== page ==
The State Of Digital Excellence In The Global Pharmaceutical Industry, 2023: Clinical Operations

Executive Summary

For the second year, DT Consulting assessed the state of digital excellence (DX) in clinical operations at the world’s largest pharmaceutical firms by surveying 18 senior clinical ops leaders. Analysis of the data reveals that the industry’s overall digital maturity, while still good, has not progressed over the past year. Most pharma firms have substantially shifted their priorities towards clinical research sites and now consider clinical trial experiences as a top component of digital strategy success. The view is a bit different at best-in-class companies, which continue to focus on internal enablement. Firms also reported difficulties in financially sustaining long-term digital initiatives. To navigate these challenges, firms should explore collaborative solutions, share best practices, and strategically address financial hurdles by balancing quick wins with long-term projects.

Challenges to Sustaining Digital Transformation in Clinical Research

In 2023, the pharmaceutical landscape saw a significant increase in clinical innovation, with the US Food and Drug Administration approving 55 new drugs—in recent decades second only to 2018’s 59 approvals.[i] Apart from exciting developments in drug creation, 2023 ushered in a new era of groundbreaking digital trends and big technological leaps such as the rapid introduction of digital measures and the rise of (generative) AI in clinical trial processes, each of which has the potential to transform the industry and the customer experience (CX) it delivers.[ii] But these promising advances also create new challenges for pharma firms and their clinical ops teams, which need to adapt rapidly to a changing digital landscape. Our most most-recent survey shows that senior leaders of large pharmaceutical organizations are under mounting pressure to adopt and integrate these digital solutions and stay competitive. In the past year, they have:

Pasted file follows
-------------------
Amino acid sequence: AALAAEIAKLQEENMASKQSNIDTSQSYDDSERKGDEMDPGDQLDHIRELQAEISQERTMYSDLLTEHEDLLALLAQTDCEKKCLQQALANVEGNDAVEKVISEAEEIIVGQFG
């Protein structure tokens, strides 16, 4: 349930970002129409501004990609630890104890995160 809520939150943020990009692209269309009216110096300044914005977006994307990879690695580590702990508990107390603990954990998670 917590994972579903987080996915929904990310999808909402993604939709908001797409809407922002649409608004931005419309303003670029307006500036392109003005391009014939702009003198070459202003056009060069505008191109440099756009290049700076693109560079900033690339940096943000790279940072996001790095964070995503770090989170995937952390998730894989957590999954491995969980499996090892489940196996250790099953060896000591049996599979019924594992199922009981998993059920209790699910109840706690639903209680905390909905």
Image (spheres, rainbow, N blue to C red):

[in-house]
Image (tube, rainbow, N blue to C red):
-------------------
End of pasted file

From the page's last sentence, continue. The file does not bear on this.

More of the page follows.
• Prioritized data-driven decision-making as a key success factor for digital strategies. The DX/CX imperative assumes a direct relationship between a firm’s investment in and progress toward digital excellence maturity and the customer value it creates. While senior leaders saw a clear DX/CX imperative in 2022, they are now prioritizing data-driven decision-making as a key success factor of their digital strategy (see Figure 1). In 2022, all senior leaders cited improving patient access to research and increasing diversity and inclusion as a main objective of their clinical trial digital strategy—but just 20% said the same in 2023. In contrast, delivering better patient experiences was one of the objectives most often cited in both years. In 2023, more pharma companies say that they have specific leadership positions for patient experiences and decentralized approaches than in 2022 (see Figure 2).
  • Defined a digital transformation vision and strategy but think it will take time to achieve. In 2023, the percentage of senior leaders saying that their organization has a clearly defined vision and strategy for digital transformation in clinical trials rose from 75% to 83%; those that lack a strategy are working on defining one (see Figure 3). All this year’s respondents say that they either have aligned this strategy with other areas, such as medical affairs and commercial operations, or plan to do so, a sharp increase over 2022. On a less positive note, 80% of leaders believe that they can achieve their strategy and digital transformation plans within five years; the remainder think it will take longer. This is a significant shift from 2022, when all leaders surveyed believed that their strategy was achievable within five years.